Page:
Translocation in Plants

TRANSLOCATION IN PLANTS 

  • Plants derive carbon and the majority of their oxygen from atmospheric CO2. 
  • Plants absorb essential minerals from the soil to meet specific nutritional needs. 
  • Water uptake from the soil provides plants with hydrogen, contributing to their overall nutritional balance. 
  • Mineral Ion Uptake: 

- Not all minerals can be passively absorbed by roots due to specific factors. 

- Minerals exist in the soil as charged particles (ions) that cannot freely move across cell membranes.

 - Soil minerals typically have lower concentration than in the root, necessitating active absorption. 

- Active absorption into epidermal cell cytoplasm is required, demanding energy in the form of ATP. 

- Active ion uptake contributes to the water potential gradient in roots, facilitating water absorption by osmosis. 

- Some ions passively move into epidermal cells. 

- Ions are absorbed by both passive and active transport mechanisms. 

- Specific proteins in root hair cell membranes actively pump ions from soil into epidermal cell cytoplasm. 

- Endodermal cells regulate solute movement with embedded transport proteins, controlling types and quantities reaching the xylem.

 - Due to suberin layer, root endodermis actively transports ions in one direction only, influencing nutrient flow.

  • Translocation Mechanism: 

- After reaching the xylem through active or passive uptake, mineral ions are transported throughout the plant via the transpiration stream. 

- Growing regions like apical and lateral meristems, young leaves, developing flowers, fruits, seeds, and storage organs act as major sinks for mineral elements. 

- Mineral ions are unloaded at fine vein endings through diffusion and active uptake by cells. 

- Older, senescing parts frequently remobilize minerals, with dying leaves exporting their content to younger leaves before falling. 

- Elements like phosphorus, sulfur, nitrogen, and potassium are readily mobilized, while structural components like calcium are not remobilized. 

- Xylem exudates analysis reveals nitrogen traveling as both inorganic ions and in organic forms such as amino acids. Phosphorus and sulfur are also carried in small amounts as organic compounds. 

- Exchange of materials occurs between xylem and phloem, challenging the traditional belief that xylem transports only inorganic nutrients and phloem transports only organic materials. 

  • Phloem Transport Dynamics: 

- Phloem, a vascular tissue, transports primarily sucrose, serving as the conduit for food movement from source to sink within the plant. 

- Generally, leaves act as the source, synthesizing food (sucrose), while the destination or sink is the part of the plant that needs or stores the food. This relationship can be reversed based on seasonal changes or the plant's requirements. 

- Sugar stored in roots, usually a sink, can be mobilized as a source of food in early spring when buds act as sinks, requiring energy for growth and photosynthetic apparatus development. 

- The direction of movement in the phloem can be upwards or downwards, making it bi-directional. This is in contrast to xylem, which exhibits unidirectional movement (upwards).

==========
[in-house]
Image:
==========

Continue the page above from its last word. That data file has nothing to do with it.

- Unlike the one-way flow of water in transpiration, phloem sap can transport food in any required direction, provided there is a source of sugar and a sink capable of using, storing, or removing the sugar. 

- Phloem sap consists mainly of water and sucrose, but it also contains other sugars, hormones, and amino acids that contribute to the overall transport or translocation process through the phloem.

 

 

 

  • Pressure Flow Hypothesis: 

- The accepted mechanism for sugar translocation from source to sink is the pressure flow hypothesis. 

- Glucose produced at the source (via photosynthesis) is converted to sucrose. 

- Sucrose is actively transported into companion cells and then into living phloem sieve tube cells at the source. 

- Loading at the source creates a hypertonic condition in the phloem, causing water from adjacent xylem to move into the phloem via osmosis.

 - Osmotic pressure buildup in the phloem sap results in movement towards areas of lower pressure, facilitating mass movement in the phloem.

 - At the sink, active transport moves sucrose out of the phloem, where it is utilized for energy, starch, or cellulose production. As sugars are removed, osmotic pressure decreases, leading to water movement out of the phloem. 

- Phloem tissue comprises sieve tube cells forming long columns with sieve plates containing holes. Cytoplasmic strands pass through these holes, forming continuous filaments. 

- Increasing hydrostatic pressure in the phloem sieve tube initiates pressure flow, facilitating sap movement through the phloem. 

- Girdling, the removal of a ring of bark up to the phloem layer, demonstrates that phloem is responsible for food translocation. The experiment shows unidirectional transport towards the roots. 

- Absence of downward food movement results in swelling above the girdled portion after a few weeks, confirming the role of phloem in one-way food transport.